MD Hide and Seek Part 2

In early 2007 the search committee was starting to get a clearer picture of just what we were looking for. One member of the committee was the CFO for Rockwell, and came up with a great idea from the business world- lock ourselves in a conference room for eight hours or so until we come up with the most detailed profile possible. In the process, we’d be forced to get to know each other a little better, and hopefully apply that to what was probably going to be a lengthy process.

In many ways it seemed to work, and I think overall it was a worthwhile day, however foreign the idea seemed to all of the musicians. We usually struggle just to make it through a rehearsal, so eight hours was kind of a stretch. The free food helped.

By March we had begun that mysterious process of filtering candidates and trying to find the best use of our limited guest spots for the 08-09 season (we had done our best for 07-08 without much of a formal profile). 08-09 is both the MSO’s 50th anniversary as well as the final season for Andreas Delfs, so counting various celebratory events we figured we’d have about 12 weeks to work with as far as “guests”, whether or not they were MD candidates. Not a whole lot to work with when I would observe the avalanche of PR material that began to appear at every search meeting, courtesy of various artist managers around the world.

Gathering information about potential MD candidates is a bit like trying to book soloists, but obviously the stakes are higher. Plus I really believe there are many more first-rate soloists than conductors to go around. But the game is the same- managers and PR firms try and convince us how talented their people are, clearly rising stars of a quality the world has never seen. We read their stuff and try to get accurate information from a variety of sources, and then filter out as much bias as we can to make some kind of informed decision.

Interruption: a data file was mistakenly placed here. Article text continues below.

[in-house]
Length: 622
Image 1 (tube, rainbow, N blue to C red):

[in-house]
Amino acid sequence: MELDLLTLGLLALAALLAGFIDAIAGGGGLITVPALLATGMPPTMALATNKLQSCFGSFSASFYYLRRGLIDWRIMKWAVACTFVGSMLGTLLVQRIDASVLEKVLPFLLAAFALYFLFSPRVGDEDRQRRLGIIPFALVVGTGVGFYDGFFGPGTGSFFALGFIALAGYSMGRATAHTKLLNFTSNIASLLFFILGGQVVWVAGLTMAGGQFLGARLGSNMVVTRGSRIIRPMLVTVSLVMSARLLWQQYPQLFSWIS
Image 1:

“Buzz” and artificially generated enthusiasm (meaning “marketing”) is sometimes hard to cut through without an actual rehearsal or performance (the best way to save time in this regard). So the quality and diversity of sources was really important to us, since there is such a subjective element to all of it. Everyone had a unique perspective, sometimes with obvious agendas, but usually well meaning. On the management side, there were the Executive Directors and ASOL people (now the League of American Orchestra people), along with the artist managers themselves. Then there were the musicians’ contacts, which often yielded wildly divergent views; I also spoke to a few Concertmaster types, who sometimes have their own take on things (to put it mildly). Sometimes a consensus would emerge (eventually), but often the grey areas were hard to resolve.

It became more apparent just how small the classical music world can be (or is, depending on your perspective), and I also began to understand in greater detail why some conductors get as far as they do despite the lack of any obvious expertise. This is in contrast to soloists, who actually make a sound- even with all the hype and connections, if you really don’t have much to say as a soloist it’ll probably run its course in maybe four or five seasons (as far as the “mainstream” orchestras). With conductors of even modest talent, it can go on much longer due to the various intangibles, such as an affinity for certain repertory, the length of a contract, or the fact that various orchestras may have completely different experiences with the same conductor, and feel quite passionately about those experiences. I think this subjectivity is also why some well-known conductors never appear with certain groups.